How Does Amortization Work With Rental Properties? 0

Posted On November 8, 2022, by Admin

The cost of owning a house is getting increasingly high, so many Canadian homeowners opt to invest in income properties to cope with the costs and potentially earn a return in the long run. According to research conducted by CIBC, 15% of homeowners are landlords, while 11% have started renting a part of their primary residence. If they were to buy a home today, almost two out of five (37%) would choose one with rental income.

You can earn income as a rental property owner and claim tax deductions. These deductions apply to property taxes, legal fees, maintenance and utility costs, insurance premiums, and more. There are two common types — amortization and depreciation. Another type of deduction you may qualify for is capital cost allowance (CCA), a deductible expense for the depreciation of something.

In this article, we will analyze what amortization is and how it applies to rental properties. We will also discuss what CCA is, how to calculate it, and whether it is a good decision to claim it.

What Is Amortization?

Amortization is a tax deduction used for recovering your capital costs over time. It applies to intangible properties, such as goodwill, a trademark, a value of a business name, the costs of starting a business or obtaining a lease, and more.

If you have been wondering whether you can amortize your tangible asset, such as a rental property, the answer is no. You can only depreciate it. This is because amortization does not apply to tangible property, but the concept of depreciation does. Depreciation is similar to amortization because it also gradually reduces the value of the property. However, you can amortize some of the costs of owning a rental property.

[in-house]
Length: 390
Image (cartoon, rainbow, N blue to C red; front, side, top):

Costs You Can Amortize

When purchasing a property for the first time, loan and acquisition costs are added to the cost basis and cannot be amortized, but they do increase your depreciation basis. In contrast, the IRS treats refinancing your rental property’s loan as a new expense, as you have made improvements to it. The amortization of a mortgage is allowed since it isn’t a tangible asset.

What Is Capital Cost Allowance (CCA)?

Taxes are often calculated using amortization. The CRA requires that companies amortize long-term assets for the duration of their use before claiming the capital cost allowance (CCA). Often, businesses can accelerate or defer some amortization to minimize their tax liabilities. But you can also reduce your taxes by claiming CCA on intangible assets, such as rental properties.

If you own a depreciable property, such as a building, apartment, or car and use it for rent, it will naturally become obsolete or wear out over time. When calculating your net property income, you cannot deduct the cost of the property, but you can deduct the depreciable property’s price. This deduction is known as capital cost allowance (CCA). Claiming it is optional, but if you decide to do so, it will be deducted from your rental income, thus reducing your taxes.

CCA helps you keep your assets in good condition and avoid maintenance costs related to wear and tear, breakdowns, replacements, and other factors that reduce their value. It may apply to property and assets, such as furniture, computers, telephones, or any equipment used for business. Even vehicles, office buildings, and musical instruments you use to earn a living can qualify for CCA. It is worth noting that you cannot deduct the entire cost of these items as an expense at once. Instead, these costs will be deducted over a more extended period in small increments and at a specified rate set by CRA.